President Trump gives a thumbs up, as Canadian Prime Minister Justin Trudeau departs the White House on June 20 in Washington. (Alex Brandon/AP)

For months now, President Trump has been amplifying a message popular with the political right. His claim, presented without evidence, is that technology companies are biased against him and conservatives more broadly. It’s an issue that his eldest son, Donald Trump Jr., has been particularly adamant about promoting after an Instagram post he published, comparing a border wall to zoo fencing, was removed from the platform.

The claims consistently center on changes being made by companies like Google, Facebook and Twitter to tamp down on hate speech or misinformation, an issue that (conveniently for those implying a political motivation) rose to public attention after the 2016 campaign. As that campaign wound down, there was a great deal of attention paid to both right-wing, racist rhetoric and overtly false information spurring calls for the platforms to curtail similar content. In short order, Trump co-opted the phrase “fake news” to refer to reporting critical of his administration, but the original spur for the term was literal false information that was common online. That false information was often also pro-Trump, because — as Macedonian news hustlers explained to BuzzFeed — it did better traffic.

So the companies changed their systems. Facebook eliminated its news feed, which had been hand-curated to eliminate untrue information but quickly became a vector for misinformation once that curation was removed. Twitter established a system for downplaying users who had been repeatedly flagged as abusive, spurring claims (including by Trump) that conservatives were being unfairly muted or “shadow banned.” And, last month, the conservative activist group Project Veritas revealed that Google has been both trying to ensure that its algorithms don’t exacerbate bias and that it isn’t a tool for propagating fake news.

In Veritas’s framing, though, this was further evidence that the site was trying to silence conservative voices. It presented, among other things, undercover video from a Google employee who argued that the company wanted to ensure that the 2020 election didn’t have the same problems as 2016 — something that she separately explained was a reference to efforts to better prevent potential foreign interference.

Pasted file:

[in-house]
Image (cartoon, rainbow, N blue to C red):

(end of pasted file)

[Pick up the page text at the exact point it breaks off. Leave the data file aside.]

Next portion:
But Veritas, in a video complete with ominous music and an anonymous whistleblower with a gravelly, altered voice, used quotes from the executive with incomplete context to imply that the company was trying to prevent another election of Trump. That Google employees were videotaped lamenting Trump’s win at a company meeting shortly after the election provided fertile soil for Veritas’s presentation of the company’s changes.

In an interview with Trump taped while the president was in Asia, Fox News' Tucker Carlson presented Google's bias against Trump as an established fact.

“Google, by some measures, the most powerful company in the world — all information flows through it — they’re against you,” Carlson said. “They don’t want you reelected. Can you get reelected if Google is against you?”

What’s remarkable about this entire framework — which, again, is prevalent on the right — is that it willfully intertwines concerns about online abuse and far-right politics with support for Trump and other Republicans. This tension was embodied in a report from Vice News in which a Twitter employee claimed that the social media company was having trouble drawing a line between prohibited hate speech and rhetoric used by prominent right-wing politicians.

Trump, of course, accepted Carlson’s presentation as fact, claiming that Google “fought me very hard” in 2016 — a claim that he seems to have snatched from midair. Tech employees in California probably favored Hillary Clinton by a wide margin in the 2016 election, but that’s very different than claiming that the company itself and its tools were “fighting” Trump.